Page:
Hiking the Blue Hills

When you live in Boston, hiking is often a multi-day affair. At the very least, it usually involves a 2-hour drive, and lord knows the last thing I want to do after climbing a mountain is hop in the car for a few hours. Generally, I want to hop into bed for a few hours after a hike like that. Or a hammock.

I’m planning to do some multi-day trips this summer though, and so I’ve been training to carry everything I need on my back. Last month, I started bringing my pack to Harvard Stadium, filled with water bottles and the heaviest cook books I own.


While it was hard and helped build strength, climbing stairs with a 40 lb pack is a bit different from being on the trail- there’s more vertical, and fewer variations in terrain. So last week I packed my bag with all the stuff I thought I’d need for a multi-day trip and headed to the Blue Hills.

It’s less than a 20-minute drive from my house to this 7,000 acre reservation. Crisscrossed by trails (and a few roads), the terrain at the Blue Hills is varied. I’ve trail run and biked there, but I had never really hiked. For being just a few miles from home, I was surprised at how easy it was to get way from the bustle of the city.


I decided to cross the whole reservation via the Skyline trail, a 9-mile point to point trail that boasts 2,500 feet of altitude gain. My trek started just after 7:30 a.m. in Quincy. It was cool, overcast, and threatening to rain. I took off and saw two other souls over the next two hours.

While it’s not the most challenging trail in the world, I was surprised at how tough it actually was. Between stone staircases and large rock scrambles, this was not a leisurely weekend stroll.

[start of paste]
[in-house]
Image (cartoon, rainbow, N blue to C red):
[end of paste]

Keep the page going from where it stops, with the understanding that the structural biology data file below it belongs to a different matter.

Though I could occasionally hear cars and planes (Blue Hills lies in the flight path to Logan Airport), it was easy to forget that I was still in the city. I climbed to the top of rocks and saw nothing but trees for miles.


Things started to pick up during the second half of my hike. I passed families and groups of college students out for weekend jaunts. I met up with some mountain bikers at the top of a hill and took a photo for them, and then chatted with a middle aged man with a pack bigger than mine about his upcoming trek across New Mexico.


I didn’t stop. My water bladder meant I could drink on the go, and handily packed snacks (some dried apricots and a Picky Bar) kept my energy up. I hoped to see a deer, but only saw turkeys and chipmunks (though I ran into a deer the following day when I biked through the Blue Hills).


I arrived at Eliot Tower on the top of Great Blue Hill just after 11. From there, I lost the blue hash marks of the skyline trail and ended up on another trail that brought me to the base of the Blue Hills Ski Area. I was home less than an hour later, with plenty of time to tackle laundry and make dinner for a group of friends.

Overall, I was super pleased with the length and challenge of this hike. While it got more crowded the closer I got to the ski area, it was really fun to be in the woods, to chat with like-minded folks about outdoor adventures, and to be home just after lunch. I even bought a trail map at the visitors center ($3) so I can do some more exploring.


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